Citrus green symptoms vary depending on the citrus species and the environmental conditions. The symptoms may initially appear on a single shoot. The most common symptoms to appear in the early stages are blotchy, mottled leaves. Leaf mottling, asymmetric chlorosis, and yellowing of veins and midribs will likely show up as the disease progresses. Infected trees will produce fewer, smaller, bitter-tasting fruits that oftentimes remain green in color. In later stages of the disease, symptoms on leaves might resemble nutritional deficiencies and may be misdiagnosed. Another symptom seen with citrus greening is vine corking. Though, vine corking could also be due to a citrus Tristeza virus infection.
The Asian citrus psyllid is a tiny, white-brown, mottled insect that is about the size of an aphid. The adult psyllid feeds with its head down, almost touching the leaf, and the rest of its body is raised from the surface at an almost 45-degree angle with its tail in the air. No other citrus pests position their bodies like this while feeding. Adults typically live 1-2 months. Females lay tiny yellow-orange, almond-shaped eggs in the folds of developing citrus leaves. Each female can lay several hundred eggs during her lifespan. Psyllids produce white waxy tubules around their rear end. Stages of the psyllid can live anywhere on the tree, but the immature stages and eggs will be found on young leaves. With time, psyllid presence on trees gives rise to the formation of sooty mold.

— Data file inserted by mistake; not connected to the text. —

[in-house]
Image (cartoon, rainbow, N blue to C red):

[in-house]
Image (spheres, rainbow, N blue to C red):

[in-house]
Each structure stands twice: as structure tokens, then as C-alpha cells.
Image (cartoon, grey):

Citrus greening is a bacterial disease, exclusive on the citrus genus. The bacteria is vectored and transmitted by Asian citrus psyllid (Diaphorina citri) and African citrus psyllid (Trioza erytreae).
Citrus greening can kill trees, which severely reduces production. The bacteria is spread from tree-to-tree by psyllid vectors. Nothing can be done once a tree is infected; there is no cure for citrus greening.
Citrus trees are magnificent; they produce large amounts of tasty fruits while staying green all year round (evergreen). This makes them popular in areas outside farming such as private gardens and backyards.
*Names marked in red are considered to be highly poisonous to beneficial insects.
*Names marked in green are considered to be organic and IPM (integrated pest management) compatible.